When am I committed to HPSP

Discussion in 'Military Medicine' started by phoenixdoctor, 05.16.14.

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  1. phoenixdoctor

    phoenixdoctor

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    I will be starting medical school this fall and got as far as applying and being accepted into the USAF HPSP program. After a lot of soul-searching, I have decided that the HPSP route is not exactly what I want to do. At this point I have signed a form stating "I accept my selection and agree to serve on active duty for the specified period of time stated in the HPSP contract that I intend to enter into upon commissioning." However, I have not been commissioned yet or signed my contract (for those familiar with the military lingo, I am waiting to be placed on the scroll). My question is this: am I already committed to the USAF HPSP program and cannot back out? That is, am I unable to rescind my acceptance?
     
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  3. orbitsurgMD

    orbitsurgMD Senior Member 10+ Year Member

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    If you have not signed the contract document or been sworn for your commission or accepted any payment, then this appears to represent a letter of intent, but not a contract. They may try to pressure you into signing, using the LOI as leverage, but if you did not get sworn or sign the contract or accept consideration--here, a payment to you or your school for your fees--then you are still free not to sign or accept the HPSP.

    Did they give you a copy of the contract itself to read and sign? Do you even know exactly what the term of service is the letter refers to or under what terms?
     
    Last edited: 05.17.14
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  4. MaximusD

    MaximusD Anatomically Incorrect 10+ Year Member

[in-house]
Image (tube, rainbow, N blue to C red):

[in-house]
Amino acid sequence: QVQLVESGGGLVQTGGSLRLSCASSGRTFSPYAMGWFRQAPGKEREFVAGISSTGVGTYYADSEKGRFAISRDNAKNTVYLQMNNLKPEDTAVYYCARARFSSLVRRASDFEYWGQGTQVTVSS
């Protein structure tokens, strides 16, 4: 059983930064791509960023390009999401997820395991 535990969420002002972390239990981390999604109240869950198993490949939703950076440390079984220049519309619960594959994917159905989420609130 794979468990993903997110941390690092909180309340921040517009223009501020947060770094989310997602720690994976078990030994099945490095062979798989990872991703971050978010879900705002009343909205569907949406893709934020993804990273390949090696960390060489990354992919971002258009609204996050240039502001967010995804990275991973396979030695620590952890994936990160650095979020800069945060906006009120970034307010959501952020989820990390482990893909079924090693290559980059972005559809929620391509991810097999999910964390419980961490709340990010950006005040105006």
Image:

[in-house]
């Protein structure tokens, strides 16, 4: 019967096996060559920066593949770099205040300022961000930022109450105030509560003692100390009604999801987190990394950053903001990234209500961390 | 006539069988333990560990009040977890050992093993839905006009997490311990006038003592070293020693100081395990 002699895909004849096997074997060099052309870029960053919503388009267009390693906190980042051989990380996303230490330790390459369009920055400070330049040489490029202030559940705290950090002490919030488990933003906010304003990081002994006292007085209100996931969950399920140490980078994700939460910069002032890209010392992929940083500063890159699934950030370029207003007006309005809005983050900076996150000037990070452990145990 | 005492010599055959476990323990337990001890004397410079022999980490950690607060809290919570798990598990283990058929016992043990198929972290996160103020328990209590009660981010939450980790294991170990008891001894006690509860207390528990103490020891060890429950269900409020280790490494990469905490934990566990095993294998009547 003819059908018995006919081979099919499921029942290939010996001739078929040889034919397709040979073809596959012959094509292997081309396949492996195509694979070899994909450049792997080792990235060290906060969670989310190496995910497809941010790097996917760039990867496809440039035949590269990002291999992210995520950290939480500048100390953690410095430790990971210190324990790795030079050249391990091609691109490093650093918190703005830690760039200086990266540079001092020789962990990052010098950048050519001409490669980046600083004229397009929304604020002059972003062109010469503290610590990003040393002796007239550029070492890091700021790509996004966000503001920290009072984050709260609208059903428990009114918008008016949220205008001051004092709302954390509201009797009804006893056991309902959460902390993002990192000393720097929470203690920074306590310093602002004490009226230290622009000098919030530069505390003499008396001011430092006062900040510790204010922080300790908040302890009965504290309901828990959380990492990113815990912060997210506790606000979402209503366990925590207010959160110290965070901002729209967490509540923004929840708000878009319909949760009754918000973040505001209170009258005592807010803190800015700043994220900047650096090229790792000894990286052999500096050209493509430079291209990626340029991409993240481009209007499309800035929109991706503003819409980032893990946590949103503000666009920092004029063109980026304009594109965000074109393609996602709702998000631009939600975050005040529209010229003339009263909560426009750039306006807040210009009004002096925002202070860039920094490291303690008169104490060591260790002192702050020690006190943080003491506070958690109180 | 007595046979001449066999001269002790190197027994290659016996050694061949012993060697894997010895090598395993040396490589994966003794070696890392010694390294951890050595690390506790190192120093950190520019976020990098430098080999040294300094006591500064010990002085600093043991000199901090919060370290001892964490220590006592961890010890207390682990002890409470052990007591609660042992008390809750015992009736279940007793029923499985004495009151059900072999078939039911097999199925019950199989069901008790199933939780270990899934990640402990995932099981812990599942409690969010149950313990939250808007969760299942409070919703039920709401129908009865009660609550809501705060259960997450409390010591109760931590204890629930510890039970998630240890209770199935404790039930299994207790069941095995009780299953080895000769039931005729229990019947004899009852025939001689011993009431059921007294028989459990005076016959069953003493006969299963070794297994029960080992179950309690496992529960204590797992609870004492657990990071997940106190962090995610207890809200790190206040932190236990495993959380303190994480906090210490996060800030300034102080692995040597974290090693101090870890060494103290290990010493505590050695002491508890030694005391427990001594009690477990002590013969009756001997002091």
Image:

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    It's not legally-binding until you sign the contract. Don't let them leverage you.

    You may want to retain a lawyer if they give you headaches.
     
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  5. IlDestriero

    IlDestriero Ether Man 7+ Year Member

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    You won't need a lawyer. If you didn't sign your contract and get sworn in, you have no obligation. Just tell them you changed your mind, appreciate the opportunity and thank them for their service.
     
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  6. phoenixdoctor

    phoenixdoctor

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    Thank you all so much for your responses! You have made me breathe a little bit easier. To answer your question orbitsurgMD: No, they have not given me the contract to sign or given many any sort of document related to the terms mentioned in the letter of acceptance. Just curious, but where did you get this information regarding when I am committed?
     
  7. IlDestriero

    IlDestriero Ether Man 7+ Year Member

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    I lived the dream.
    You signing some letter saying you're going to accept the scholarship doesn't commit you to anything. It's like a letter of intent to try to boost you off the wait list somewhere.
    You're committed when you sign the real contract and raise you're right hand. Good luck getting out after that.
     
  8. aklark

    aklark